Chipped Windshield? Here's What To Do Until You Visit The Auto Glass Shop

9 February 2016
 Categories: , Blog


The frustratingly familiar sound of a stone smacking off your windshield creates a brief moment of panic as you scan the glass to look for a sign of the impact. If you don't see a tiny chip anywhere on the glass, you can breathe a sigh of relief. If you do see damage, however, you need to think about the steps to take in order to deal with this problem. Although you might be tempted to simply ignore the chip, the painful reality is that it will soon grow into a crack if left ignored. A cracked windshield requires replacement, but a chip can often be repaired quickly at your local auto glass shop. Schedule a repair visit as soon as possible and, in the meantime, employ these three strategies to prevent the chip from spreading.

Keep The Interior Temperature Moderate

A rapid change in the temperature of the windshield glass is a common way that many chips spread into cracks that require a complete glass replacement. As such, keep the interior temperature of your vehicle moderate -- don't blast the air conditioner or the heater from the dashboard vents. If you're getting into your vehicle when the temperature outdoors is notably hot or cold, allow the interior temperature to rise or lower moderately. This can mean opening your windows in the summer to let the hot air out before you use the A/C; in the winter, heat the vehicle from the lower vents to allow the temperature around the windshield to change slowly.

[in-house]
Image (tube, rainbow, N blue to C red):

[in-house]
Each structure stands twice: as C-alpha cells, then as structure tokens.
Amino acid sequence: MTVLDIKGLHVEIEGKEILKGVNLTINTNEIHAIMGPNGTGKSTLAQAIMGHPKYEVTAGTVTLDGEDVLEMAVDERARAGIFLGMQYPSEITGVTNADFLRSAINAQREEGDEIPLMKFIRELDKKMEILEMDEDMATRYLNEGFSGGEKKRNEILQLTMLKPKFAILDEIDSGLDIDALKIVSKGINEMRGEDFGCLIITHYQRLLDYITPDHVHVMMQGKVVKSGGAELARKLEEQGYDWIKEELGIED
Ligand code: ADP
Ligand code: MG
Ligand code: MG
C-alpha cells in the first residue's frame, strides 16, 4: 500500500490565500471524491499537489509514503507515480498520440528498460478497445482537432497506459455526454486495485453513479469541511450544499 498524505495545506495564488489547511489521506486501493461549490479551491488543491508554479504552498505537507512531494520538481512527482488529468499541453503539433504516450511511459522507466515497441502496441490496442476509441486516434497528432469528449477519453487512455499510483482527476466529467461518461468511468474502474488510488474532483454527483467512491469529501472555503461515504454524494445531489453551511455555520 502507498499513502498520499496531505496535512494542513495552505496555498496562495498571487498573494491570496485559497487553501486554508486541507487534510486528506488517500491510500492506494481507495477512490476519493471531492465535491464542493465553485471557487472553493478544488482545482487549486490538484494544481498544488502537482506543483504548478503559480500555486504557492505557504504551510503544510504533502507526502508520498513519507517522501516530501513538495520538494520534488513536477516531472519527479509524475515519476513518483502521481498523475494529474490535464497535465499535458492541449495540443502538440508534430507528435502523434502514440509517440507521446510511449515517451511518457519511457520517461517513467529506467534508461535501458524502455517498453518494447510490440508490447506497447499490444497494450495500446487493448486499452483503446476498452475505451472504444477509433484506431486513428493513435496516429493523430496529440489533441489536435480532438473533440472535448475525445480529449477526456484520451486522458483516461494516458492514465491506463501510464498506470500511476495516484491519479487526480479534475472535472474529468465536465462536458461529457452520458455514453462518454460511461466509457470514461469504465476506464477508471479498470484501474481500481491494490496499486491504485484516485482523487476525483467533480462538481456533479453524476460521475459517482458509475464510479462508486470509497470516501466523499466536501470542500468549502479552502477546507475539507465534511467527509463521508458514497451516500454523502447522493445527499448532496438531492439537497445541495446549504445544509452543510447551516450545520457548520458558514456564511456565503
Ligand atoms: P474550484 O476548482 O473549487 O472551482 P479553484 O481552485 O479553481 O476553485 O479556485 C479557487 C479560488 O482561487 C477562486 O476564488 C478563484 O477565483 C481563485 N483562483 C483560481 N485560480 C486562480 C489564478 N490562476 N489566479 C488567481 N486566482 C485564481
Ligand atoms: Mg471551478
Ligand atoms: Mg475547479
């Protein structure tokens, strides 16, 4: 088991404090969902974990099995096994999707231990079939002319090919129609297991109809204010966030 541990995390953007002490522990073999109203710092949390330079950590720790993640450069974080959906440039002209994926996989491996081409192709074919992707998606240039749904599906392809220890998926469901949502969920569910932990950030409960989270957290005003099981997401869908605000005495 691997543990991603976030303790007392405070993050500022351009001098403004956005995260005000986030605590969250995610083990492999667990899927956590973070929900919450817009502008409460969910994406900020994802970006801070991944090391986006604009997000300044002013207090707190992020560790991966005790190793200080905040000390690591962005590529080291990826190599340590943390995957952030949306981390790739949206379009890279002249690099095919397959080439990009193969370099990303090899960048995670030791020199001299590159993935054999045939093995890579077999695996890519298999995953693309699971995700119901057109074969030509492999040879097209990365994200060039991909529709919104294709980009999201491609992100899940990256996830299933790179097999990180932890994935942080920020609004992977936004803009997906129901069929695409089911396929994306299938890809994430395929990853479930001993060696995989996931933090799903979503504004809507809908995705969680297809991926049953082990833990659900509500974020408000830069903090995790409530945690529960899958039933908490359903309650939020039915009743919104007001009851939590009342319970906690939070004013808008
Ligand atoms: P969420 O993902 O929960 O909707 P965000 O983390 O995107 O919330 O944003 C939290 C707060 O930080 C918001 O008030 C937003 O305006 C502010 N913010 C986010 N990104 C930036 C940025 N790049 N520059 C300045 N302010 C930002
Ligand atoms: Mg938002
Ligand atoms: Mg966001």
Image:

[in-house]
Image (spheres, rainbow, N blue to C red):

Stay Away From Slamming

If you have a habit of slamming your vehicle's doors, now is the time to curtail it. A slammed door generates considerable energy that travels through the frame of the vehicle and causes the windshield to vibrate. This vibration can often be enough to help a chip grow into a crack. Make a point of closing your vehicle's doors gently and avoid leaving them open when it's windy, as a sudden gust could cause a door to slam before you can catch it.

Keep Off Bumpy Roads

Just as slamming a door can cause a vibration that turns a chip into a crack, hitting bumps on the road can have the same effect. Be diligent about steering clear of pot holes -- the sudden shockwave they create will be detrimental to your chipped windshield. You should also keep your speed low when you're traveling on back roads to minimize the vibration. However, if you do find yourself with a windshield crack, contact a business such as Action Glass.